If a leak causes fluid loss, the vehicle may not properly shift in and out of the four-wheel drive, or it may randomly jump in or out of 4WD. Low fluid levels can result in the internal components becoming damaged or wearing out prematurely.
Grinding sounds from underneath the engine
If the output shaft seal fails, you may begin to hear grinding noises coming from underneath the engine. The lack of fluid may cause metal-on-metal grinding. This can cause serious damage if it’s not addressed timely.
Visible fluid underneath the vehicle
A bad output shaft seal will often result in fluid making its way out and onto the ground underneath the vehicle. If you notice reddish-colored fluid underneath the vehicle, it may be a bad output shaft seal.
Transfer case output shaft seals are most likely to fail after the 85,000-mile mark. Most vehicles usually go much longer without needing to repair transfer case leaks, if at all.
Vehicles that have lifted suspension systems or where the driveline angle is modified are more at-risk for transfer case output shaft oil seal failure.
Other potential issues that could increase the chances of this problem include a worn drive shaft yoke, an output shaft bearing being worn out, or failing to keep up with scheduled maintenance.
Other Related Issues
If you notice reddish fluid leaking from underneath your vehicle it’s probably transmission fluid and you should bring your vehicle to a qualified service center to have it diagnosed as soon as possible.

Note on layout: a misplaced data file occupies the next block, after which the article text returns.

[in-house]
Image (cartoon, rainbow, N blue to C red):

A transmission fluid leak could cause major issues if it’s not addressed. The source of the leak could be in a few different areas, which can make the problem even more complicated.
In addition to the transfer case, there are a few other common areas where these leaks can occur.
Transmission Pan Gasket Leaks
If you look underneath your vehicle, you may be able to see the transmission pan. Around the pan, there are gaskets that seal it from leaking.
If the gasket wears out or if it wasn’t installed correctly it may slip out of place. If this occurs, there is a good chance that you’ll experience a leak from the transmission pan gasket.
Luckily, this is a simple repair that only involves replacing the impacted seals. On average, this repair costs between $325 and $415.
Torque Converter Leaks
The torque converter moves transmission fluid into the transmission. Leaks can occur from this point if the torque converter has a bad or fault seal or if the component itself becomes cracked.
There are also some bearings and gaskets in the torque converter that can leak if they get damaged.
If this is the cause of the fluid leak, it will typically require a more extensive repair. In most cases, the torque converter will be replaced if it’s leaking severely.
For most vehicles, it costs between $650 and $900 to replace a torque converter.
Transmission Cooling Lines Leaks
Transmission fluid runs in and out of the transmission through the cooling lines. During this process, the fluid cools down by releasing heat before running back into the transmission.